All but daring Maine health authorities to go to court to have her confined, nurse Kaci Hickox went out on a bike ride in defiance of the state’s voluntary quarantine for medical workers who have treated ebola patients.
It was the second time in two days that she left her home in remote northern Maine, along the Canadian border. On Wednesday, Hickox came out and briefly spoke to reporters, even shaking a hand that was offered to her.
State officials planned to go to court to have her confined against her will in what is shaping up as a test case yet in the struggle to balance public health and fear of ebola against personal freedom.
Hickox, 33, said she hoped for a compromise, but her actions indicated she had no intention of staying in isolation for the remainder of the 21-day incubation period that ends on November 10.
“I really hope we can work things out amicably and continue to negotiate,” she said as she and her boyfriend cycled.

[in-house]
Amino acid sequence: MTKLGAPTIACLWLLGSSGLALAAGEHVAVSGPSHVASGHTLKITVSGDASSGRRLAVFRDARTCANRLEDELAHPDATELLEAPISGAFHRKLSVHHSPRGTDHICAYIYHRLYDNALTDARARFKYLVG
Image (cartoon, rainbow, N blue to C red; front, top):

A police cruiser followed Hickox on her hour-long bike ride, but police could not take action to detain her without a court order signed by a judge.
After returning from Africa, where she treated ebola victims in Sierra Leone, Hickox last week became subject to a mandatory quarantine in New Jersey.
After being released, she returned to this small town, where she was placed under what Maine authorities called a voluntary quarantine.
She said she is following the federal Centres for Disease Control and Prevention recommendation of daily monitoring for fever and other signs of the disease. But she said she is no threat to others because she has no symptoms.
Meanwhile, Louisiana state officials told thousands of doctors planning to attend a tropical-diseases meeting this weekend in New Orleans to stay away if they have been to certain African countries or have had contact with an ebola patient in the last 21 days.